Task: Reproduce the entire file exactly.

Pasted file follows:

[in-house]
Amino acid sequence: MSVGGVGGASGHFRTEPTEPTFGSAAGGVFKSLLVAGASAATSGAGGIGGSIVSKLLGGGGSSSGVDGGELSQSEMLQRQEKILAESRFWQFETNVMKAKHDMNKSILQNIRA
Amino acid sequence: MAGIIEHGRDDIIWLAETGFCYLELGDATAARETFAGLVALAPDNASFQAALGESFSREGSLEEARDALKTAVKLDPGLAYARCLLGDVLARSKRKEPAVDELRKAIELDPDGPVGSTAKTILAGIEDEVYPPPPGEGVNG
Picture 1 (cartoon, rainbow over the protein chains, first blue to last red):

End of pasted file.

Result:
[in-house]
Amino acid sequence: MSVGGVGGASGHFRTEPTEPTFGSAAGGVFKSLLVAGASAATSGAGGIGGSIVSKLLGGGGSSSGVDGGELSQSEMLQRQEKILAESRFWQFETNVMKAKHDMNKSILQNIRA
Amino acid sequence: MAGIIEHGRDDIIWLAETGFCYLELGDATAARETFAGLVALAPDNASFQAALGESFSREGSLEEARDALKTAVKLDPGLAYARCLLGDVLARSKRKEPAVDELRKAIELDPDGPVGSTAKTILAGIEDEVYPPPPGEGVNG
Picture 1 (cartoon, rainbow over the protein chains, first blue to last red):